My shame was chronic, but I didn’t know it. In fact, I hadn’t realised it was shame at all. I experienced it as constant unease, a fear of being found out for something I couldn’t identify but was certain I must have done, an inability to relax and be myself around people and a sense that I should, and would, be punished soon. Somehow, though, I didn’t associate any of these feelings with shame. I thought instead that this was just how it felt to be a person, and that if I could only get my shit together, correct my many personal wrongs then I would finally be free of it, would at last be like everyone else around me who seemed to find life far easier.
Shame is defined as a painful feeling of humiliation caused by incorrect or embarrassing behaviour. It’s something we’ve all felt at one time or another, likely after acting outside of our values or behaving in ways we can’t and don’t want to defend. Leaving a friend alone on a night out, drunkenly starting an argument or cheating on a partner would cause most of us to feel shame, and act as sobering and lasting reminder that our actions have consequences, and that treating ourselves and others without care is not a comfortable or bearable feeling.
Chronic shame is the same feeling without clear end or clear origins, and any origins it does have may not don’t seem commensurate with the depth of despair you’re going through. It’s shame that seems to spring from even very slight or common social missteps, wrong moves, or misunderstandings. It is a shame that can feel like it was born alongside the sufferer, living in their body for as long as they have. It’s shame about everything, anything, or nothing at all.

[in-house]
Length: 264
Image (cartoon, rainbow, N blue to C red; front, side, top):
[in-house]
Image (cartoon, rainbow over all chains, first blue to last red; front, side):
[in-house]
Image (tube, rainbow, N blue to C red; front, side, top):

After seeing several therapists and living more than a decade into adulthood, I’ve found the source of some of my own chronic feelings of shame. For years I fought a daily battle with unmedicated and undiagnosed ADHD, obscuring the reality of my needs so often and so acutely that I ended up frequently bed-bound with depression and exhaustion. Each day I’d run through a performance of ease when inside I was tearing myself to shreds. Living for most of my teens and twenties in this state of terrified self-defence meant I built up a framework of shame- a shamework if you will- around my personality, my struggle to find my footing professionally or socially and my various indecipherable moods.
This kind of shame may be recognisable to you, though it may not. One lie that my shame has told me is that I’m the only person experiencing it, and after finally opening up to friends, specialists and strangers on the internet I know how false this belief is. Many of us go through it, and for the most part we do it in secret, perhaps believing that there’s nothing to be done, or even that the shame is somehow helpful to us, serving a vital function. As a child and a young adult my shame had felt like- and perhaps even was- a genuinely protective force, alerting me when I stepped over the line, strayed too close to danger in social situations, said or did the wrong thing.